I guess I mentioned earlier that the film is emotional, heartbreaking. I have to then add, that Blue Valentine doesn't punch the audience in the face with sentimentality or ham-fisted emotion. The film refuses to tell us perhaps just as much as it does choose to divulge. What happened in the six years in between beginning and the end of the relationship? Who's more to blame? Does it really matter?

Anyway. It was great. One of the best films of 2010, probably an Oscar contender, definitely one of my personal picks of the best of a year that had some pretty gosh-darn fucking good films in it.

Friday, December 24, 2010

"Reb, you don't have to abbreviate everything you say."

On the set of Star Wars: A New Hope. Superb, I think. 

To me, it's become habit to say "soz" instead of "sorry". 
Is this bad? Probably. For someone who values correct grammar and a good vocabulary, this horrible, horrible automatic "soz"ing and this propensity to litter most sentences with "like" is ... painful. 

I apologise. I am trying. 

Try as I might though, it's proving extremely difficult to completely rid my day-to-day vocabulary of "like".
"And I was like, whatever!"
"...then he was like, NAH!"

That's really not the point though. The point is, while I haven't been writing much on this blog due to Christmas and everything that it entails, I haven't been completely idle. Just mostly.

Head over to Cut Print Review to read my article, 10 Festive Films That Won't Make You Vomit

It's festive, it's movies.

From somewhere on Reddit. Sozlol, can't remember where.

Thursday, December 9, 2010

Once Chance...

One Chance, by awkwardsilencegames.

This is superb. 

Let's say the world has seven days left, seven days until every living cell on Earth will die. What would you do? What if you were the scientist who accidentally created the virus that will kill everyone on the planet, including your loved ones? You'd only get one shot to get it right, to make those decisions. It's a stunningly simple premise, and an infuriating one at that. 
In One Chance, a simple, side-scrolling adventure by awkwardsilencegames, you really only get one chance. You've got six days, and every day goes by in the blink of an eye. Do you stay at home or go to work to continue to try to find a cure? Do you sleep with a co-worker? The world is ending after all. Or do you say, "Fuck it!" and spend the day with your daughter at the park?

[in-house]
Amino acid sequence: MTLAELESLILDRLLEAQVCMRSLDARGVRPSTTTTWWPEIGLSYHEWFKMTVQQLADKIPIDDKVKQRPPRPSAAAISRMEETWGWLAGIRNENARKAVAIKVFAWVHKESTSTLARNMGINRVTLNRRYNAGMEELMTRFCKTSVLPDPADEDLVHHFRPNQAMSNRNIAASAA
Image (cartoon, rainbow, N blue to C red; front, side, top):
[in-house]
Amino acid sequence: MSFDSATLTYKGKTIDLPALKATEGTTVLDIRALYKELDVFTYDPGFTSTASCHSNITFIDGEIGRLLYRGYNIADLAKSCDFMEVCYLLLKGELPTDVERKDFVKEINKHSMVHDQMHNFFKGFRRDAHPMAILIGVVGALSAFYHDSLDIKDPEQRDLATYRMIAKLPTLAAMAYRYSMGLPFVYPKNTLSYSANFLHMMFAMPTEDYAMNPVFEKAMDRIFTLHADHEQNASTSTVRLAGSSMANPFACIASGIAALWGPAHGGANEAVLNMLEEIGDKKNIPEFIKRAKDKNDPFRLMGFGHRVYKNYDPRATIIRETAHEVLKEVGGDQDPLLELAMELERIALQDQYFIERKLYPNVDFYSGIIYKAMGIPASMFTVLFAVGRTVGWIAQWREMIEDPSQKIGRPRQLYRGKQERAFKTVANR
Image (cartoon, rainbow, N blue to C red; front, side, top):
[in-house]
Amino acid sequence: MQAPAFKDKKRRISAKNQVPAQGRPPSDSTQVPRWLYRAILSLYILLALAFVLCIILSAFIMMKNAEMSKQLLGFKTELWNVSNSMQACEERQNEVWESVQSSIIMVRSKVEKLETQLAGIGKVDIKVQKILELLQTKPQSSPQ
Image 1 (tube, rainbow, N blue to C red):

At the week's close, you might be dead, you might be alive. Did you make the right decision? You won't really know, because it's over. You don't get another shot. 

You don't even need to play the game to guess there's plenty of angered comments to peruse... but in the words of the brains behind it, "You bastards will have to pry this game out of my cold dead hands before I put a replay feature in."

One Chance is bleak, thoughtful, haunting. The music is superb, conjuring a mood that is not only ominous, but slightly urgent and certainly melancholy. 

All the reasons I've named above that intrigued me and made me love this game might drive some people away. It's not a fun game in the same way that oh, say, Robot Unicorn Attack (ha) is, but its merit lies elsewhere. Mostly in the story, the idea, the mood, as well as the fact that it makes you really wonder what would matter to you in the last six days of your life. 

Go play!

Tuesday, December 7, 2010

Jaw Drop

In Soviet Russia, write ON pencil. 

I did the sitting-at-one's-computer equivalent of a double-take when I laid my eyes on pencil sculptures by Dalton Ghetti. As always, I was alerted to his existence and skill via Reddit, sent to this site. Some quick Googling followed being met with Russian, and thus, I've spent the past hour so looking at photos of tiny, tiny sculptures. The mind boggles at the steady hand, patience and amounts of sheer skill needed to complete just one of these mini works of undiluted awesome.